Roundup: MI Science Center, Phrixus, #hack4detroit, Quicken Loans
Here’s a look at news from around Michigan’s innovation hubs:
—University of Michigan spin-out Phrixus Pharmaceuticals is taking another step toward clinical trials of its Duchenne muscular dystrophy drug, thanks to more support from the National Institutes of Health (NIH). The NIH National Heart, Lung, and Blood Institute’s SMARTT program will provide services to produce clinical-grade Carmeseal-MD, the drug being investigated, for the company’s study involving non-ambulatory boys with Duchenne muscular dystrophy. Company leaders say this agreement is one of the last steps on the way to submitting a new drug application to the FDA, and they expect clinical trials to begin by early 2016. In 2013, Phrixus received approximately $2.5 million in preclinical regulatory, pharmacology, and toxicology services to move its drug to clinical trials as part of the NIH’s SMARTT program.
—The winning team from the #hack4detroit event earlier this month has been announced: Abdul Miah, co-founder and principal engineer at rankedHiRe, and Imran Raja, senior software engineer at MB Financial Bank, were awarded the $5,000 grand prize for their app called Ride4Detroit. Ride4Detroit helps bicyclists to create and catalogue their favorite rides, and then share them with others. Second place winners were PishPosh.tv founders Ben Duell Fraser and Michael Evans, and the third place winner was Jonathan Werber, a developer at Nexient.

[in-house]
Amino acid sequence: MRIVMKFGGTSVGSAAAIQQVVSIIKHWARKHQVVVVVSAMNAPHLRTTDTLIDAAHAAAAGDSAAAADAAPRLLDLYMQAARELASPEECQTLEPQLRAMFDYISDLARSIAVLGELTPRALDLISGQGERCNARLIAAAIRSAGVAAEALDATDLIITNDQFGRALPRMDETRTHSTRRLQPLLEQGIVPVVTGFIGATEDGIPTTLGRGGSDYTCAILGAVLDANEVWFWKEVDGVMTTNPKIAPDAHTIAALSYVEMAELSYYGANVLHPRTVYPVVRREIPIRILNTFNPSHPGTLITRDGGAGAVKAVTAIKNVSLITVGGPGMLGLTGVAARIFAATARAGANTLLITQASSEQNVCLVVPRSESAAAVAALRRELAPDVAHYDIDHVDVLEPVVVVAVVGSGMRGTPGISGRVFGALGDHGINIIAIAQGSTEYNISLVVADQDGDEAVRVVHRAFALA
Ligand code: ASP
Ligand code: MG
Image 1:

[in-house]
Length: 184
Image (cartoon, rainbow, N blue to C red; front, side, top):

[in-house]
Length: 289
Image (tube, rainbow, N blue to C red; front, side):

—The Michigan Science Center in Detroit opened a new exhibit last weekend called “Robot Lab,” a collection of new science, technology, engineering, and math (STEM) activities for kids. Museum-goers can learn the basics of computer language, manipulate Finch robots, and compete in daily robot challenges. The exhibit runs through September and is free with general admission to the museum.
—Computerworld magazine named Detroit’s Quicken Loans the top IT workplace in the country for the third year in a row. Computerworld’s survey was based on a questionnaire regarding company offerings in categories including benefits, career development, training, and retention. In addition, Computerworld conducts extensive surveys of IT professionals, and their responses factor heavily in determining the rankings.
Quicken chair Dan Gilbert has led the way in transforming downtown into a hub for tech startups and entrepreneurs. The company’s technology team has quadrupled in size to 1,300 people since Quicken Loans moved its headquarters to downtown Detroit in 2010, according to Quicken Loans executives.